Advertisement

Small Wonders: How to ride an elevator

March 09, 2012|By Patrick Caneday

Few places offer a more intense view into the makeup of the human condition than the elevator.

Where else in our daily lives are we forced to spend valuable seconds — even a full minute — tightly confined with a group of fellow earthlings in the microcosmic journey to our final destinations?

In my non-columnist life, I work in a monolith to a media giant. My cubicle is on one of the upper floors, so I spend a lot of time sealed in the suspended 6-by-6-foot vertical people-mover chronicling tips and observations about humanity and survival in my 10 to 20 elevator rides per day.

Advertisement

Some might be valuable life lessons. Others may simply get you from one floor to the next without having a minor, unwanted coffee break from sanity. Which is easier said than done:

When boarding a lift, allow the passengers already on it to disembark first. This sounds obvious, and I wish I didn't have to restate it. But, if you are one of the few people I've bumped into because you are too impatient to let me get out of your way first, perhaps it's time you went through with those plans to isolate yourself from the rest of us in a rural Idaho compound.

It's respectful practice to enter the elevator in the order that you arrived at it. My 8-year-old knows how this works; so should the rest of us. The exception to this rule is, of course, “ladies first.” Besides simple courtesy, this helps to prevent the awkward and annoying start-and-stop dance that also occurs at four-way intersections when basic driving rules are forgotten and no one knows who should proceed first.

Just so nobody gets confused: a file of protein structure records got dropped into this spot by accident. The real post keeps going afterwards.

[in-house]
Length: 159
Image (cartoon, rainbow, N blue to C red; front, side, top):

If possible, move to the back or sides of the car and stand with your back to the wall. Standing in the middle of an uncrowded car or facing the wall just creeps other riders out. I don't really know why. It just does. But the world needs antagonists. So if that's you, just be prepared for worried glances in your direction.

If you enter an occupied elevator while conversing with someone else, you have a choice: pause your discussion so others don't feel excluded, or be open to the unsolicited contributions of others. Either is fine. I've been both the recipient and giver of advice in what amounts to between-floors speed therapy.

There is an appropriate space cushion that exists around all humans, like the Millennium Falcon's battered deflector shields. Respect it, especially after someone disembarks and you find yourself standing awkwardly close to your cabin mate from accounting.

Glendale News-Press Articles Glendale News-Press Articles
|
|
|